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Comments

Comments

Recent comments

  • concerned
    February 17, 2014 - 08:19

    same old bunch at city hall. corner brook is domed no one to lead us.thats why some family are thinking of moving to deer lake and Pasadena.

  • vk
    February 15, 2014 - 15:54

    Chi Thy. Please don't move. I am Viet like you. It's hard to open a restaurant and even harder to have loyal customers like you do. Serve them the best Viet foods you ever make.

  • Hans
    February 11, 2014 - 22:28

    Honestly, immigrants do not want to move to the province of Newfoundland because the local people there are of the most inbred, uneducated, racist and unaware type. Every educated, hardworking immigrant / person of color that resides, slaves away and provides his unappreciated service to this province should leave. Leave those backward people to themselves and we will see how the destroy themselves.

  • Withheld
    February 11, 2014 - 06:55

    I am appalled at how the City of Corner Brook and the Greater Corner Brook Board of Trade have reacted to this matter. Ethnic-based restaurants, like Pho Vietnam, are desperately lacking in this community. This one had excellent food at affordable prices and appealed especially to the university crowd. What sort of signal is their responses sending to others who might want to locate here, whether students or small businesses? This has been very badly handled. It also sends a clear signal that Corner Brook really isn't interested in welcoming you - despite the public relations rhetoric. A sad commentary, indeed.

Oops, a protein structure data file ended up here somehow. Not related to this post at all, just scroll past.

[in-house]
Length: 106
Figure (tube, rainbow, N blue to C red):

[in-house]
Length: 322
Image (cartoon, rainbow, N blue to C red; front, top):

• Sandra
      February 11, 2014 - 08:51

      The signal it sends to people is that they should find a reputable place to establish their business by doing due diligence to ensure the building meets the standards required for safe operation. In this case, Ms. Nguyen probably didn't know any better, having come from a third world country. I find it hard to fault the inspectors for acting to PROTECT a person who was apparently being taken advantage of by a greedy landlord. It's a miracle no one was electrocuted or the place didn't burn to the ground, from what the inspectors said in this article. Also, I saw this woman on television and it's clear her grasp of English is minimal at best. While I'm sure she's an intelligent person, I suspect the language barrier played a role in the lack of notice. I also note from the TV interview that the LANDLORD told her the inspection was just an annual routine and she had nothing to worry about. Why isn't anyone heaping criticism on her? Looks to me like she was taking full advantage of a person who was naive in the ways of western business.

    • hillbillysnotus
      February 13, 2014 - 11:50